Penalty phase of trial halted


The sentencing phase in Baltimore's first death penalty trial in six years came to an abrupt halt yesterday after the defendant's father approached jurors during a lunch recess and pleaded for his son's life -- an approach that landed him in jail on contempt of court charges.

Defendant Jovan House's father, James Alfred House, asked four jurors outside Courthouse East to "please spare his son," according to court documents. Within minutes, sheriff's deputies handcuffed the elder House and led him from the courthouse.

The unusual developments yesterday came after jurors began hearing arguments in the death phase of the trial involving Jovan House, 22. He was convicted Tuesday of murdering police detective Thomas Newman in 2002 in an ambush outside a Southeast Baltimore tavern.

At least two dozen stunned spectators were told to leave the courtroom yesterday after the lunch recess commotion.

"The technical term for this is, it's a big mess," said Andrew D. Levy, an adjunct professor at the University of Maryland School of Law. "The judge has an enormous amount of discretion in a situation like this to decide whether jurors are still in a position to render a fair verdict."

James House, 46, is being held without bail over the weekend, according to a bench warrant signed yesterday by Circuit Judge Albert J. Matricciani Jr. An order charging him with contempt said that he interfered and tampered with the jury.

Under Maryland law, jurors are prohibited from talking to one another or anyone else about the details of a pending case. If someone approaches them and attempts to speak about a trial in progress that they are involved with, contempt charges can be brought against that person.

The afternoon proceedings were canceled yesterday, and the trial is scheduled to resume Monday morning.

Levy said it is difficult to predict whether Matricciani will declare a mistrial, dismiss the jurors or proceed Monday as normal.

Levy said Matricciani is likely to meet with jurors individually to find out how the incident affected them, if at all.

"The test is whether jurors are still capable of following the judge's instructions," Levy said.

Neither prosecutors nor defense attorneys would comment on yesterday's events.

The incident happened about 12:30 p.m. in downtown Baltimore at Calvert and Fayette streets near Courthouse East.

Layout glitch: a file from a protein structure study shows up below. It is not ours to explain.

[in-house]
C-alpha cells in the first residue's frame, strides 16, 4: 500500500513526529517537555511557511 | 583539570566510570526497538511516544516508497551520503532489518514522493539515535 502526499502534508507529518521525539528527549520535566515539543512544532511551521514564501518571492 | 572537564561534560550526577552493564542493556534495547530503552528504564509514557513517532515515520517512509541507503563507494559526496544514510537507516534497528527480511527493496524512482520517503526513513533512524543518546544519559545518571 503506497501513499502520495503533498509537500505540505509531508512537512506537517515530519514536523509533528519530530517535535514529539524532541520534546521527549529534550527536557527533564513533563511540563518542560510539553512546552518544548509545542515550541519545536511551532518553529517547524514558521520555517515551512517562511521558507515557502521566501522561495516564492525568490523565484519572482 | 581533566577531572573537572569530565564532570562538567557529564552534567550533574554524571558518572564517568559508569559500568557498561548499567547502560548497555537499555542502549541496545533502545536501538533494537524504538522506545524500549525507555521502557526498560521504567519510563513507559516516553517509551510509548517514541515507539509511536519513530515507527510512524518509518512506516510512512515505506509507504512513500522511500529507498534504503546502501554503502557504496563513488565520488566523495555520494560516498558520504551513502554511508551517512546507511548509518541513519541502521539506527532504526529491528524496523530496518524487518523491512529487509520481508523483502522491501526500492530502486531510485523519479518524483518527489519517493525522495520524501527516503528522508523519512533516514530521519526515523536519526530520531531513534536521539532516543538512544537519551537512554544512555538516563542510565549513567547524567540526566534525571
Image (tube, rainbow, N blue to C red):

Jurors had finished hearing prosecutors argue that Jovan House should be put to death, and defense attorneys contended that he should spend the rest of his life in prison.

For House's case to qualify for the death penalty, prosecutors must prove that Newman was in the line of duty when he was shot at 2 a.m. in the parking lot of Joe's Tavern in the 1000 block of Dundalk Ave.

They argued yesterday that when Newman was killed, his shift was over but that he assumed his police duties at the instant he saw his assailants with a gun and was therefore witnessing a crime.

Defense attorney William Kanwisher contended that Newman had been drinking at the bar and was not on duty when he was killed.

Kanwisher told the jury that Jovan House had a difficult childhood. He said that House was raised by his mother, Lily Robinson, who chased his father out of their home with a butcher knife when she was eight months pregnant with House.

James House, the lawyer said, was chased from the home because he had beaten Lily Robinson, who later became a crack cocaine addict.

Kanwisher then gave an emotional speech that invoked Mayor Martin O'Malley's "Believe" slogan.

"City Hall asks you to believe," Kanwisher said. "Believe that hope is greater than despair, that love is greater than hate, that life is greater than death."

Then he pointed to House and said, "Believe. Let him live."

But Assistant State's Attorney Matthew Fraling said House deserves a death sentence because he is a "coldblooded murderer."

"The state will prove to you that capital punishment is the appropriate sanction for ultimate culpability in the ultimate crime," Fraling said.

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